My Decision to Move to Thailand

When I sat down on my twelveth day in Thailand to brainstorm my first blog post, ‘My first 2 weeks in Thailand’, I quickly realised that a better beginning would be my reasons for moving here in the first place.

I first entertained the thought of moving abroad to a new country nearly two years ago. I was on a gap year from college, and into my sixth month living in Galway city, in an apartment with five guys who were in college – an experience in and of itself! I had been working in a small web design & marketing agency in the city throughout my 1st year of college and at the start of my gap year, but the owner ended up shutting it down, so I turned to freelancing to pay my bills. That wasn’t working too well as I struggled to bring in enough sales, and I switched to my contingency plan – Deliveroo cyclist. I got through the online application and into the trial phase; an experienced rider showed me and another applicant how to use the app and got us to do a mock delivery in the city.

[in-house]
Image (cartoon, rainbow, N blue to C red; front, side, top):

A few days later, Deliveroo emailed me telling me I hadn’t gotten the job. Ouch. Surely I wasn’t that slow on a bike. You can imagine my ego and feelings of self-worth were taking a bit of a dive here – I couldn’t support myself with my freelancing skills or get a delivery job! Things weren’t looking good. But sometimes good opportunities come at the right times, and a friend put me in touch with a business owner looking to hire someone with my particular skill set.

I spent the next five months working with the owner of a small software startup called Plan It Appy. It was just the two of us working on his business – an online platform and app that lets gym and fitness instructors manage their members and classes. The owner, John, was on a college startup program for new businesses in GMIT (Galway Mayo Institute of Technology), and we worked out of a shared office with other business owners on the program. The role was perfect for me and it required a little bit of everything; web & graphic design, photo and video editing, sales, copywriting, customer support and coding.